LONDON Copper rose on Thursday, helped by data that showed a glimmer of renewed vigor in big metals consumer China, other Asian economies and the United States, but gains were tempered by concerns about demand and Europe's grinding debt crisis.
Data over the past month has shown the health of the global economy remains fragile, with retail sales and the housing market pointing to an improvement in the United States but Europe is still struggling.
In China, the world's largest consumer of copper, official and private sector factory surveys showed the economy is regaining some traction, adding to other signs of economic revival in October.
"We've had the slightly better PMI data which is no doubt helping metals lift off the lows we had earlier this week," said Citi analyst David Wilson.
"The lows we saw on Tuesday were good buying points and the data is probably being a little more supportive, but obviously there is still a sense of caution."
Three-month copper on the London Metal Exchange closed 0.9 percent higher at $7,826 per tonne, the third day of gains.
Copper hit a two-month low on Monday after shedding 9 percent since touching a peak of $8,422 on September 19 following a burst of buying linked to central bank stimulus measures. So far this year, copper is up 4.6 percent.
The market also was bolstered by signs of some improvement in the U.S. economy which added 158,000 jobs in October, data from a payrolls processor showed, far more than the 135,000 predicted in a Reuters poll. New jobless claims also dropped.
U.S. consumer confidence rose in October to its highest in more than four years and The pace of growth in the U.S. manufacturing sector picked up modestly.
While the data out of Asia and the United States is positive for metals, the complex has been wounded in recent weeks, RBC pointed out in a research note, and many investors are still on the sidelines after the devastation caused by Hurricane Sandy to swathes of the United States.
"So 'sell the rally' players are still likely to come in on any rally for the time being and the reduced liquidity will likely mean choppy trading conditions will persist for a few more days," RBC said.
TIGHTNESS IN LEAD
Another worry is that Chinese copper buyers have not been stocking up as most of them have not seen a sustained improvement in their order books.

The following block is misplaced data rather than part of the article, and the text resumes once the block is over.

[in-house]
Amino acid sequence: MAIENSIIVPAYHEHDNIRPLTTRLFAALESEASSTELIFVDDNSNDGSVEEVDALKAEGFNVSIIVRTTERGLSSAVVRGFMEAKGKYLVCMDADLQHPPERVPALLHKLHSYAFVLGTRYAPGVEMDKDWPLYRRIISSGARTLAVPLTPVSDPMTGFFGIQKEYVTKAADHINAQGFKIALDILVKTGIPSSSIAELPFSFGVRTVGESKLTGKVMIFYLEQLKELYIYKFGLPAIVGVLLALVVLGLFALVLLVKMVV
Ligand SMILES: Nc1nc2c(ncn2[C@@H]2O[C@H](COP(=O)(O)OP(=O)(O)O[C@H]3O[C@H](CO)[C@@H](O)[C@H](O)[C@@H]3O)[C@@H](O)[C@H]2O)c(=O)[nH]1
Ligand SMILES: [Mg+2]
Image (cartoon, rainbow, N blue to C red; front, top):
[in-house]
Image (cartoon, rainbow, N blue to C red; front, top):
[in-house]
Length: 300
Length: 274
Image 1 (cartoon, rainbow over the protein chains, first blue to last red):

An executive with a top copper tube and pipe maker in central China said his company still has not seen a pick-up in sales despite October being the start of the peak season.
"Orders have been slow since July. Our customers have been unwilling to stock up until they've got clearer policy signals after the 18th Communist Party Congress," he said, referring to China's once-in-a-decade leadership transition event scheduled to start on November 8.
A report by the International Wrought Copper Council saying the global market for refined copper is expected to swing into a 281,000 tonne surplus in 2013 from a deficit this year helped to cap price gains.
However, some of China's home appliance makers have reported third-quarter profits due to a reviving property market.
Lead was the biggest gainer on the LME as worries over supplies hit the market. Three-month lead surged 2.8 percent to close at $2,126.50 a tonne and the premium of cash metal over the three-month contract jumped to $14.50 a tonne, the highest in more than a year.
"A combination of higher scrap prices, rising premiums in the U.S., and the fact that much of the available LME on-warrant material is held at warehouse locations with long exit queues, looks to have boosted sentiment towards the metal," said analyst Leon Westgate at Standard Bank in London in a note.
"A likely surge in battery demand owing to the impact of Hurricane Sandy on parts of the U.S. east coast may also have given sentiment towards lead an additional short-term boost, though whether the Sandy effect is justified, or not, remains highly debatable."
Three-month aluminum closed 1.8 percent higher at $1,940 per tonne.
"We continue to see risks in this market for as long as high cost production is subsidized, and excess supply is absorbed into lucrative inventory financing deals and reiterate our concern that prices could test lower towards $1,870 in the near term," ANZ said in a research note.
Nickel added 1.0 percent to finish at $16,350 per tonne, zinc also rose 1.0 percent to $1,889 and tin climbed 2.3 percent to $20,375.
(Additional reporting by Carrie Ho in Shanghai; editing by William Hardy)